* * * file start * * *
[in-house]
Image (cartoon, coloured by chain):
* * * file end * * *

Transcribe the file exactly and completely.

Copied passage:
[in-house]
Image (cartoon, coloured by chain):